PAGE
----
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How about a funny 3-camera comedy from HBO?

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  • Chris Beachum
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    May 22nd, 2011
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    #364383

    I have been wondering for a while now, why not a 3-camera studio audience comedy from HBO? They could really pioneer something new with a strong comedy offering adult themes in front of an actual audience. It might be the very thing to bring this longtime format back to where it belongs.

    ETA: Yes, I remember “Lucky Louie” (unfortunately), but I’m talking about a solid, well-produced show.

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    halo
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    Oct 18th, 2015
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    #364385

    It would be widely off-brand for HBO, whose comedies lean towards being half-hour dramas without big broad jokes (e.g. Girls, Togetherness). I think it would also be at odds with HBO presenting themselves a prestige brand, given the look, feel and broad comedy style required by multicamera shows, so it’s probably not a format they want their brand to be associated with. I also imagine there’s limited overlap between HBO subscribing/viewing demographics and people who want to watch multicamera shows, which would make it a really tough for them to sell.

    Developing multicamera comedies is also really tough, with bad multicams being excruciating, and HBO is probably not geared up to do it. They also don’t need multicams – a major reason why the broadcast networks keep trying to develop multicams is because they’re cheap to make and that’s less of a concern on HBO.

    You’d be better to looking towards Netflix, who aren’t trying to sell themselves as a premium brand in the same way that HBO, instead trying to create some programming that appeals to everyone. That being said, I’m not hugely convinced that Fuller House nor The Ranch, starring Ashton Kutcher, will revolutionise the format

    And, of course, there’s more subjective and controversial opinion: I think the reason multicamera shows have diminished is inherent to the format.

    Multicam brings baggage and forced limitations that single-camera shows do not have: limited sets, limited camera angles, different rhythms that require slower dialogue and longer scenes with multiple characters and bigger jokes. It’s no wonder most writers would rather have the flexibility of single-cam when given the option – and that many writers struggle in a form with such limitations on what they can do!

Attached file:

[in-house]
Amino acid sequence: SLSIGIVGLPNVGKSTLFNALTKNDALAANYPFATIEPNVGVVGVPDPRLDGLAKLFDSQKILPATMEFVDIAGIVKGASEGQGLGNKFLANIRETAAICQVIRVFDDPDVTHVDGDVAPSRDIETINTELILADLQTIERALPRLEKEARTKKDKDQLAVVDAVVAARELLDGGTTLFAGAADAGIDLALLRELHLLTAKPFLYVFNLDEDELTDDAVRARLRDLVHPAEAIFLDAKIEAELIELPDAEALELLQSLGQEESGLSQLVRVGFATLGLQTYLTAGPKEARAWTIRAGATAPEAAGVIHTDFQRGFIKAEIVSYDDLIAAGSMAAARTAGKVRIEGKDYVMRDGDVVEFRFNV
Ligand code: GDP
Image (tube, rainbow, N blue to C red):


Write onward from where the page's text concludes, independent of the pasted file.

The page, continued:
So why are the Lorre-esque shows so successful?
    Two reasons.

    Lorre’s shows are unpleasant and mean and the audience laugh track provides both the distance and the sound of laughter provides ‘permission’ for viewers to enjoy humiliating the cast, as well as allowing the audience to feel a sense of superiority.

    They are also simplistic, and there’s an audience for that. The dog-slow pacing, the every-line-is-a-punchline writing, constant ‘big’ jokes, every punchline spelled out, and familiar, repetitive and often paper-thin plots. You don’t need to concentrate to follow them, you can half-watch them and not miss anything.

    And the combination of the rise of single-cam and popularity of the Lorre shows has a double-whammy effect, where the art of “traditional” multi-cam writing and production has been lost (compare studio audience laugh tracks on Frasier to TBBT) and much of the audience, especially younger viewers, have started associate the format with trashy low-brow Lorre-esque shows.

    But, hey, that’s my opinion. I really can’t imagine regularly watching a multicam anytime soon, even if there’s plenty of horrible network single-cams which use the format as an excuse to be terrible low-stakes laugh-free dramas. That said, I definitely don’t share the same fondness and nostalgia for the format that some people do, not seeing it fading away as being much different to the quiet death of the multi-camera drama. We’ll see if I’m proven wrong and something comes along to reignite interest in the format!

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    Riley
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    #364386